Save the Children released the findings to mark the beginning of a national campaign to eliminate illiteracy among primary school children by 2025
“Killing Jesus” has nothing to do with Life of Jesus studies. It is in fact almost a twin to Mel Gibson’s oh-so-authentic 2004 film “The Passion of the Christ.” Both are exhibitions of popular piety aimed at reinforcing believers’ faith and stilling their doubts by providing a real-seeming illusion about the myths and legends of the gospels. Their function is not dissimilar to that of the numerous End Times movies and novels like “Left Behind,” “Image of the Beast” and “A Distant Thunder.” Those fictions, whether on-screen or page (and “Killing Jesus” is already heading for the screen), help buttress faith in the ever-receding, always deferred Second Coming of Christ by depicting it in narrative form before the eyes of those who would really like to see the Rapture, the Great Tribulation and so on occurring on the evening news. They don’t. They can’t. So End Times fiction is the next best thing, a game of pretend. And that is just the role of “The Passion of the Christ” and “Killing Jesus.” The familiar Sunday school tales are dressed up in pseudo-documentary form to make the Christian reader feel confident that the legends are historical reports, not legends at all. It is all a trick, though Gibson, [Bill] O’Reilly and [Martin] Dugard are presumably tricking themselves as well.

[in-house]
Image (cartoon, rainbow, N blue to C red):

I had to listen to a lady discuss this horseshit in bookclub.